Media

Rebekah Brooks not guilty, Coulson convicted in U.K. hacking

coulson-brooks-guardian.jpgThe eight-month trial over phone hacking by Rupert Murdoch's tabloid editors in the United Kingdom ended in a split decision for two of the biggest characters in the media drama. Rebekah Brooks, the former editor of News of the World and CEO of Murdoch'd News Corp. UK, was found not guilty of all four of the charges she faced. They included bribery and perversion of justice. Her husband and her secretary were also cleared. Andy Coulson, Brooks' successor as editor of the tabloid — and former communications chief for Prime Minister David Cameron — was found guilty of conspiring to hack phones while at News of the World. Coulson faces two further charges that the jury has not yet settled.

From the Guardian story:

In a brief statement to camera, the prime minister offered a "full and frank apology" for employing Andy Coulson at 10 Downing Street, saying: "It was the wrong decision and I am very clear about that."


He said he had given Coulson a second chance after he left the News of the World but conceded this was the wrong decision.

Cameron said he had asked Coulson about whether he knew about phone hacking, and he said he did not. "Knowing what I now know, those assurances were not right," Cameron said. "It was obviously wrong of me to employ him. I gave someone a second chance. It turned out to be a bad decision."

Coulson has spent the last seven years denying he knew about hacking and shocked everyone bar his defence team in court when he revealed for the first time he had listened to the voicemail of former home secretary David Blunkett in 2004, three years before he was hired by Cameron.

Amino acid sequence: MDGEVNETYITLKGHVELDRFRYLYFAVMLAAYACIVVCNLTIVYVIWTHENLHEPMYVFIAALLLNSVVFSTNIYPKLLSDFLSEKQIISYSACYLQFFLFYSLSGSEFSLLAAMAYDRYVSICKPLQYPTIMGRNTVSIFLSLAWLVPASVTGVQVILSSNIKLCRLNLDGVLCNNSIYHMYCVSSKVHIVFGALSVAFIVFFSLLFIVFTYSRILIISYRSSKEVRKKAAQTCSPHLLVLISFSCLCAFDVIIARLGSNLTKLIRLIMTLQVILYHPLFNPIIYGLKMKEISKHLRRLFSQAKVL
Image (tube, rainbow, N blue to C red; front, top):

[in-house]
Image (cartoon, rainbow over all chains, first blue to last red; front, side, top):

From the New York Times:

The verdicts after a week of deliberations by a jury came after lengthy hearings into a scandal at the Murdoch news empire that shook the British police, news media and political elite, and forced the closure of a leading Murdoch-owned Sunday tabloid, The News of the World.


The findings drew an apology from Mr. Cameron, under fire from opponents who have accused him of poor judgment in hiring Mr. Coulson. β€œI am extremely sorry that I employed him. It was the wrong decision and I am very clear about that,” Mr. Cameron said.

Ms. Brooks, 46, and Mr. Coulson, 46, had been among seven defendants facing an array of charges including phone hacking and perverting the course of justice. The seven-month trial, tense and at times tawdry, has given a rare view of the inner workings of British tabloid journalism and of the systematic eavesdropping on the mobile phones of celebrities, sporting figures, politicians members of the royal family and ordinary people caught up in the news. One defendant said the intercepts were β€œon an industrial scale.”

Mr. Coulson, who had denied the hacking charges, was the only person among the seven who was found guilty of conspiracy to intercept mobile phone calls and messages.

The phone hacking scandal burst into the open in July 2011 with reports that the voice mail of an abducted teenager, Milly Dowler, was intercepted by an investigator employed by The News of the World in 2002. At that time, Ms. Brooks was editor of the newspaper and Mr. Coulson was her deputy.


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